WSJ Chronicles the Faces of Home-Foreclosure in Crisis

COMBO Title and Securitization Search, Report, Documents, Analysis & Commentary COMBO Title and Securitization Search, Report, Documents, Analysis & Commentary

EDITOR’S NOTE: The Wall Street Journal has done an excellent job of putting a human face on the flood of foreclosures in this chronicle of the lives of many people from all walks of life. Let’s hope that 2011 brings reality up front and puts out the fires of lies being promulgated by the Wall Street PR machine.

The Tidal Wave of Defaults and Delinquencies That Began Four Years Ago Has Hit Individuals at All Levels of Society

The foreclosure crisis that erupted four years ago has claimed more than five million American homes—about 10% of all homes with a mortgage. It began in lower-income neighborhoods and has spread to some of the most exclusive addresses in the U.S.

The seeds of the crisis were planted a decade ago when banks, discovering the high returns from selling bundles of securitized mortgages, relaxed lending standards and originated millions of adjustable-rate subprime mortgages. Such loans were designed to allow just about anyone to get a home loan.

When interest rates on the adjustable-rate mortgages finally climbed, many borrowers began falling behind on their payments, leading to the first wave of delinquencies and defaults.

At the start of 2008, with the U.S. economy weakening and job losses multiplying, the defaults began to spread as millions of Americans with plain-vanilla prime mortgages also ran into trouble making their payments. In some cases, borrowers found they had paid inflated prices for homes they could no longer afford. Others got into trouble by or borrowing against the equity in their homes. According to the Federal Reserve, Americans withdrew more than $1.1 trillion of equity from homes in 2006 and 2007.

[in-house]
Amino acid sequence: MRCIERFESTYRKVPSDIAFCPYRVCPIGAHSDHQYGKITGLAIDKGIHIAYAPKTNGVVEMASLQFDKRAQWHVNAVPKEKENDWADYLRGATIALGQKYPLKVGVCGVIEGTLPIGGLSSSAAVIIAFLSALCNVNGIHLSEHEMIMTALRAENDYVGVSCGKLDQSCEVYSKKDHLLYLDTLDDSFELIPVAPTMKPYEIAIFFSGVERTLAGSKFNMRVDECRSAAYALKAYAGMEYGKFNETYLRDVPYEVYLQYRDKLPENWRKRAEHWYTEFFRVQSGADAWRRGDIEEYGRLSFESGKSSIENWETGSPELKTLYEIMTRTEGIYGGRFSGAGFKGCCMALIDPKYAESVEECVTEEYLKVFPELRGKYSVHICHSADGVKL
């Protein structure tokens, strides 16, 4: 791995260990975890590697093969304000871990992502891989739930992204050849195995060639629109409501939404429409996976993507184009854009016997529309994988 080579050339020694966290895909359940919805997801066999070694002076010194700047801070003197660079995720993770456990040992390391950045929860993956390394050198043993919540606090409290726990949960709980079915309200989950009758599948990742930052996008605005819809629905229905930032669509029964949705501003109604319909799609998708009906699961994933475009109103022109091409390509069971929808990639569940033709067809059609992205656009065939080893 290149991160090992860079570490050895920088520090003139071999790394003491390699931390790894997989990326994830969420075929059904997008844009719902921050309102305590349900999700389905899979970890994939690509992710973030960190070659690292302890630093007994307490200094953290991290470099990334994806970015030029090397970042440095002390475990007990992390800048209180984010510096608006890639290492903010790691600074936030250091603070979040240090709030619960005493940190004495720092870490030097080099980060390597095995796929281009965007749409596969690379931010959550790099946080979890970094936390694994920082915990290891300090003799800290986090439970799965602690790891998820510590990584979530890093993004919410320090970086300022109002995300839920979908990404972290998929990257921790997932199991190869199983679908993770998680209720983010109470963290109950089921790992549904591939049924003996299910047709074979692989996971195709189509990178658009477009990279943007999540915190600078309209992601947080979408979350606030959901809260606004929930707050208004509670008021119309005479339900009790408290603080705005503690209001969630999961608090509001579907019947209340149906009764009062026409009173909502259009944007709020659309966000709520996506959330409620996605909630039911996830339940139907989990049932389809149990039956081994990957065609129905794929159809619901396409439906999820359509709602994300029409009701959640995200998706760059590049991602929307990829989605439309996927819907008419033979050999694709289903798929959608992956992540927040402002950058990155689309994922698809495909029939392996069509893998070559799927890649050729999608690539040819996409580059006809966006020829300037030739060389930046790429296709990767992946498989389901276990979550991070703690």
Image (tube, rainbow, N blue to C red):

By the end of 2008, with home values plunging, one in six homeowners found themselves underwater—owing more on their homes than they were worth. Borrowers, even those with stable jobs, began to see such negative equity as a reason to stop making their payments. That triggered the third wave of the foreclosure crisis: the strategic default.

The Obama administration is working with banks to head off future defaults and stanch the foreclosure wave by modifying mortgages. The federal programs have so far disappointed. The Home Affordable Modification Program, for example, was launched in the summer of 2009 with the intention of modifying three million to four million loans. So far, it has provided permanent help to fewer than 450,000 struggling borrowers.

Here are six stories of people caught in the foreclosure crisis, by circumstance or choice—from those who fell victim to hard times to others who squandered equity on cash purchases.

The crisis looks set to continue. Another four million people are in danger of losing their homes, according to the Mortgage Bankers Association. And until foreclosures are cleared, the housing market is unlikely to recover.

The foreclosures have had a silver lining for one group of Americans: Many families locked out of the housing market during the boom can now afford to buy.

—Robbie Whelan

Loan Choice Proved Costly

When Ghislaine Apollon emigrated from Haiti to the U.S. in 1974, she dreamed of owning a home. In 1997, after years of scraping by, she bought a fixer-upper in the Queens section of New York City.

A Dream in Danger in Queens

Mustafah Abdulaziz for The Wall Street Journal